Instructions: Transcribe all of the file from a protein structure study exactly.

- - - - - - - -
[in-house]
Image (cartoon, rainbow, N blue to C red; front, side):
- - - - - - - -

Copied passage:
[in-house]
Image (cartoon, rainbow, N blue to C red; front, side):